The new head of the World Bank said on Monday he was willing to let the global development lender advise troubled developed nations like Greece, a major shift for an institution that has focused on the world's poorest.
While Jim Yong Kim emphasized that his top priority would be to protect developing nations at a "pivotal moment" for a world economy that is losing steam rapidly, he said the bank could also deploy its technical know-how to help richer nations with structural problems.
"We only go into countries when asked, but I feel the kind of expertise we have could be relevant in many, many countries in the world, including high-income countries," the Korean-born American told reporters on his first day on the job.
"My staff feel they have the relevant experience that could add value ... if that is the case and we are asked, I could be open to the possibility" of helping Greece, he added.
Former World Bank chief Robert Zoellick had pushed back at the idea of the bank getting involved in Greece. He said on June 14 that if the bank had gone in "as a reform taskmaster for the Greek government ... it might not be as productive for Greece as it would be harmful to the bank."
Still, many development experts argue the bank's decades of experience working with governments to improve their ability to improve tax collection, social programs, combat corruption and attract investment could help countries like Greece or Portugal that struggle with these issues.
An international bailout for debt-burdened Greece has kept the country in the euro zone but has come at the price of deep spending cuts, increased poverty and unemployment.
One idea bank officials have discussed is for the European Commission to fund World Bank technical advice in Greece.
By charging for its advice, the World Bank would boost its own revenues at a time lending returns are set to decline as more borrowers gain access to capital markets. Big bank shareholders, like the United States, are also cutting budgets and would be hard pressed to persuade their legislatures to pony up more money for the World Bank.
"We are not talking about the World Bank investing massive amounts of finances in high-income countries," Kim said. "Where we feel we can add value is in the technical support around some of the structural issues that some countries are facing."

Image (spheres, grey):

The idea already has been informally debated among the bank's shareholders. "I would encourage the bank to do it as long as it does not involve resources that are meant to go to developing countries," said one World Bank board official from a large developing country.
WORLD BANK READY TO HELP
Kim, a physician and former head of Dartmouth College in New Hampshire, has relied on support from U.S. Treasury advisers as he prepared for his new job.
He takes the presidency at a time the euro zone debt crisis is beginning to exact a wider global toll.
Growth is slowing in emerging economies from China to India to Brazil, with developing countries feeling the effects of tighter bank lending and a drop in trade financing - problems Kim will have to address as the head of the world's top development lender.
As Europe struggles to get a handle on its crisis, new manufacturing data in China, the world's second-largest economy, o n Monday showed a further decline in export orders.
Slowing global growth will affect already scarce government revenues in the poorest countries, which could force them to turn to the World Bank for more financial assistance.
World Bank assistance to middle-income countries could also increase if many find themselves unable to obtain the financing they need in the market.
The World Bank stepped up lending to developing countries in 2009 as the global financial crisis spread, providing a record $100 billion to borrowers.
Kim said the World Bank financial position was "very strong" and it was ready to support middle income and poor countries should they need assistance again.
"We feel that especially in low and middle-income countries we are ready to support those countries," he said.
Unlike previous heads of the World Bank, Kim is not a politician, banker or career diplomat. Instead, his life work has focused on bringing healthcare to the poor, whether fighting tuberculosis in Haiti and Peru or tackling HIV/AIDS in Russian prisons.
Addressing critics who see his lack of economics training as a weakness, Kim said he had worked in development throughout his career and has extensive experience working with the World Bank tackling difficult problems in poor countries.
"I feel that I share a passion for development and poverty alleviation with the World Bank staff and come into the organization feeling very close to them in terms of why they come here," he said.